- Neil White
“I would be delighted to introduce you to Rye,” said a member over a glass of Kümmel after we had shared a round at Royal St George’s.
“But if you and your wife want to play I won’t be able to join you because the club only allows foursomes and two-balls.”
In two sentences the bonhomie and tradition of Rye were summed up. We have never received a warmer welcome on our travels nor have we found a club quite as fascinating.
Oh, and how good is the course! I thought it was stunning and Mrs W claimed it was her favourite so far (she was judging it against the likes of Royal Dornoch, Muirfield, St. Enodoc, Castle Stuart and Royal Cinque Ports).
People in the town had told us the club was “very posh” and the folk at the rather lovely Royal Cinque Ports said we were “slumming it” by going there after we had played Rye.
Future kings (Edward VIII and George VI) and Prime Ministers (Balfour and Lloyd George) have been members at Rye and its patrons retain the love of lunch (sticking on a jacket and tie or female equivalent for some nosh post, pre or between rounds) is simply what you do.
The nuances of the club were obvious from our arrival. The pro shop is next to the dormy house across the road from the clubhouse but we paid our guests’ fees behind the bar where we received the friendliest of greetings before being handed our scorecard.
We ate bacon rolls and coffee on a table next to the seat of famed golf travel writer Bernard Darwin, bequeathed by his grandfather Charles.
Sitting in the bar is akin to being in a museum with memorabilia of past battles, especially between Oxford and Cambridge golf societies, adorning the walls.
The course continued a theme – top-notch presentation and deliciously quirky.
Three and fourballs are played only through special dispensation but while we appreciated the desire for brisk pace, we also wanted to soak up the fabulous lay-out.
Rye may only be a par-68 but that and the relatively easy opening hole (it’s only par-five) should not fool anyone. With the wind blowing off the English Channel, it is very tough to score well.
The opening three holes are hors d’oeuvres to some of the classics to come but the need to beware of the tangly rough is already clear from the opening tee shot to a fairway which leans from right to left.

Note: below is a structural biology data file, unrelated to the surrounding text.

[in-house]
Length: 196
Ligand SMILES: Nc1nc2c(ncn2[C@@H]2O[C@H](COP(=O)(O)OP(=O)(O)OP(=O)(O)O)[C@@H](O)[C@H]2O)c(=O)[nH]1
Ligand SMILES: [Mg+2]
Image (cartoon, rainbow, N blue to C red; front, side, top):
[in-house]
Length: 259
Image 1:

The Camber sandhills play a key part at Rye and the undulations become more dramatic as the round progresses.
The course has been modified since the original Harry Colt design but there are plenty of raised greens, blind tee shots and intriguing doglegs which became his hallmark.
In my opinion, the first of the particularly memorable holes is the 6th with its drive over a huge dune followed by a long approach to green, well-guarded by bunkers. I was thrilled to nail a par-four.
I was not so fortunate on the 9th which, at less than 300 yards first appears to be an innocuous bending par-four.
However, I can attest to its hidden dangers, having lost two balls into rough off the elevated tee.
The true delight of playing at Rye is that I could see how almost every hole could be somebody’s favourite.
I was enamoured of the 10th – a dogleg demanding a decent carry from the tee and long second with bushes on the left and also the 11th with a lake on the right which threatened to snaffle balls wandering down the right.
But the crescendo was reached on the remarkable 13th with a green hidden over a huge ridge. Only the most skilful of golfers could play this as a par-four but everyone can enjoy its wonder – indeed, its idiosyncrasies have only been matched in my experience by the remarkable 7th at Broadstone.
The 16th is another par-four which tests accuracy and length off the tee, luring players down into trouble on the right where I can imagine the green staff giggling at misfortunes in their hut.
The difficulty is intensified at Rye because it is not a straightforward links, changing direction regularly and prompting players to think constantly about the wind direction.
It was against us on the 17th – a par-three of more than 200 yards which I was particularly pleased to par and similarly in the 18th, an incredibly tough finishing hole which rises before bending down to a trick-to-read putting surface.
I have reserved mention of the greens until last. They (and the fairways) were in spectacular shape during the last week of October.
The targets seem big but it is so easy to misjudge and find a run-off into a swale. And, while the surfaces are true, the greens have borrows which can defy the eye.
Rye summed up why I love the top 100 quest - history, drama, great views and lovely people. If the opportunity arises to play there, take it.